Director/Screenplay – Sngmoo Lee, Additional Writing – Scott Reynolds, Producers – Jooick Lee, Barrie M. Osborne & Michael Peyser, Photography – Woo Hyung Kim, Music – Javier Navarette, Visual Effects Supervisor – Jason Piccioni, Visual Effects – Christov Effects and Design, CIS, Digipost, Digital Dimension, GEON (Supervisor – Buckley Collum), Iloura (Supervisor – Peter Webb), MOFAC (Supervisor – Young Soo Park), Photon NZVFX, PRPVFX Ltd. & VRAM FX (Supervisor – Gavin Guerra), Special Effects Supervisor – Mike Latham, Prosthetics – Make-Up Effects Group, Production Design – Dan Hennah. Production Company – Mike’s Movies/OzWorks,
Jang Dong Gun (Yang), Kate Bosworth (Lynne McCarthy), Geoffrey Rush (Ronald), Danny Huston (Colonel), Tony Cox (Eight Ball), Ti Lung (Saddest Flute)
Yang, an assassin for the Sad Flutes clan, becomes the greatest swordsman in the world. He eliminates all of his clan’s enemies but refuses to kill the last – a baby girl – and takes her under his personal care. This pits the Sad Flutes against him. He sets out to America, seeking his friend Smiley in the rundown town of Lode. There he learns that Smiley is dead but the local girl Lynne persuades him to reopen Smiley’s laundry. Yang begins to train Lynne in the way of the sword, she to show him about ordinary life, and an attraction grows between the two. Meanwhile however, The Colonel, the leader of a band of soldiers turned bandits, returns to town and wants to settle the score with Lynne who scarred his face with cooking fat after he attempted to force his way with her as a child. As Yang organises the townspeople to fight back, his having to unleash his sword again brings the attention of the Sad Flutes who come to attack en masse.
The Warrior’s Way is a genuine oddity. It is a modern Wu Xia film that became all the in-thing and much copied after the success of Crouching Tiger, Hidden Dragon (2000), which in itself was a reworking of the tradition that had developed in Hong Kong during the 1980s. In this case, The Warrior’s Way is a Wu Xia film that has been made in South Korea, a country that has been relatively scarce when it comes to the output of fantastical martial arts cinema with only occasional efforts such as Volcano High (2001) and The Warrior (2001). It is also the novelty of a Korean-made Wu Xia that has been made for international appeal by casting known faces like Kate Bosworth, Geoffrey Rush and Danny Huston.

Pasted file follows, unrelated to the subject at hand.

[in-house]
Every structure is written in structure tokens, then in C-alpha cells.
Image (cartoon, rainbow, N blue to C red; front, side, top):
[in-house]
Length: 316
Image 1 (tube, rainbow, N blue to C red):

Moreover, the film is a melange of genres – here the traditional Wu Xia/martial arts elements have been blended with the very American genre of the Western, something that has never been conducted before unless you look to tv’s Kung Fu (1972-5) or Jackie Chan’s unserious Shanghai Noon (2000). And to make the production seem even stranger, most of the show has been shot in New Zealand. It could be said that what we end up with is a genuine work of cultural fusion.
The traditional Western elements are paper-thin. Jang Dong Gun’s hero is modelled on another of Clint Eastwood’s tight-lipped loners of few words. He has a perfunctory romance with Kate Bosworth (here playing with an affected accent that is highly unconvincing). The plot of the town rallying against the forces against them, the warming of the outsider are all played by the numbers. The one sparkle of life comes from Geoffrey Rush who incarnates the old alcohol-soaked dog who pulls himself together to re-enter the fray in time to save the day with a wily sparkle.
Even though the film seems to set itself in absurdly unreal Western setting, I couldn’t help but think that the protagonist Jang Dong Gun’s position of acceptance in the town as an Asian man, let alone his having a relationship with a white woman, flies absurdly in the face of the racial realities of the era, which regarded the Chinese and Asians in general as the lowliest on the social rung, as little more than disposable slave labour.
The Western elements have been shot in ways that make the entire look of the film seem surreal, almost fantastical. We either have a Western town that has been built inside a soundstage or one that has been enhanced by a great deal of CGI so that the exteriors take on a dreamlike look. This matches the highly stylised, CGI-enhanced look that director Sngmoo Lee gives all of the action scenes.
The action scenes are where The Warrior’s Way come to life is, particularly at the climax. Here Sngmoo Lee offers up amazing visions of platoons of ninja all flying into the town and going into attack in formation, Jang Dong Gun walking through the melee despatching multiple opponents with slow-motion sword blows, scenes of the bandits climbing the rundown structure of the Ferris Wheel as Geoffrey Rush picks them off, plentiful gore (albeit digitally created), all manner of amazing poses, not to mention images of bandits massacring ninja with a Gatling gun, the gunner’s arm even being severed and continuing to shoot in a circle mowing everybody down amass.